This week takes us into the 3rd part of our 4-part series called, “Why They Don’t Know You Exist (and What to Do About It).” Each week, I’m addressing one key problem that I’ve seen hold organizations back from connecting with ideal prospective members. Plus, I share what you can do if you find yourself in the same situation.
Here are the topics for all 4 weeks. If you missed either of the previous weeks, just use the link to catch up.
- WEEK ONE: You aren’t showing up where your prospective members are trying to solve problems.
- WEEK TWO: You aren’t offering a promise that prospective members notice.
- WEEK THREE: You aren’t showing up consistently.
- WEEK FOUR: They actually DO know that you exist, but you haven’t captured the connection.
Let’s jump into this week’s topic: CONSISTENCY
It could be possible that you know what problems your prospective members are trying to solve and that you know where they are currently going to try to find solutions.
It also could be possible that you offer a compelling promise that prospects are sure to notice.
If people *still* don’t know that you exist, you’re probably struggling with the 3rd big problem…not showing up consistently enough to get in front of people.
Now this probably sounds silly. If you know what people are looking for, where they are looking for it, and you have something to offer that they’re sure to find appealing, then why wouldn’t you be out there on a consistent basis, attracting those prospects in like a magnet?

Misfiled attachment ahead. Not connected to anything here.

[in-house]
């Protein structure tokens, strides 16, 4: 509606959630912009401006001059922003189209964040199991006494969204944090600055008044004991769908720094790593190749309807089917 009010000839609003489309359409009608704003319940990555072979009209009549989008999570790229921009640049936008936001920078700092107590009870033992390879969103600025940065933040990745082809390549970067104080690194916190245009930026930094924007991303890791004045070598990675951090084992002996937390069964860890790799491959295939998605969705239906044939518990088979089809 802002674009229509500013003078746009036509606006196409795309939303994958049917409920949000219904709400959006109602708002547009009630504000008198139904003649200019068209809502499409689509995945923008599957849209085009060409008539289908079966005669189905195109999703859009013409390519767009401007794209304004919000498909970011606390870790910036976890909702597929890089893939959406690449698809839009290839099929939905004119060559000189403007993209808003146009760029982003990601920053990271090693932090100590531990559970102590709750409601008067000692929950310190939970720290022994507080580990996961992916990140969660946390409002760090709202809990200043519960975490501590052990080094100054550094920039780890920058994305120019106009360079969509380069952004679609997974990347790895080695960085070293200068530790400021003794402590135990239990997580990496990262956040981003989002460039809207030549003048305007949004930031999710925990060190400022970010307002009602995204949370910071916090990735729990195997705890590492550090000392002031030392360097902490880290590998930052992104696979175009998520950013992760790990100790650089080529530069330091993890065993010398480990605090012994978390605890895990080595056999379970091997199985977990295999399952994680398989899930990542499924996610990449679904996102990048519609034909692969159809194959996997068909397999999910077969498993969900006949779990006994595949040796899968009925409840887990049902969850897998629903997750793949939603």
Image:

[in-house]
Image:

I suspect it’s because connecting with prospects isn’t the only thing you have on your plate. When faced with a jam-packed schedule, taking care of existing members and dealing with urgent challenges tend to take priority. I see it happen all the time, regardless of organizational size and regardless of industry focus. Staying in front of prospective members on a consistent basis can be pretty darn tough to do.
However, it is absolutely essential.
As you look at your calendar this week, how much time did you spend showing up for prospective members vs. those who already are members? There needs to be *some* time every week when you’re thinking about the problems of prospective members, how to solve them, how to get in front of them, and then actually doing that. If this isn’t YOUR personal role in the organization, it needs to be *somebody’s* role.
Now, I am NOT saying to completely flip the balance and spend all your time on new member attraction at the expense of taking care of existing members…not at all. If you know nothing else about me, you know I am a staunch advocate for taking care of people in ALL EIGHT stages of member experience. We all have areas of strength and areas of gap. Failing to show up consistently for people who are in the Discovery stage is simply a gap that you’ll need to give attention.
I’d love to hear your thoughts about consistency and about how much time you actually dedicate to showing up for people who are in this early Discovery stage. Let me know your thoughts below.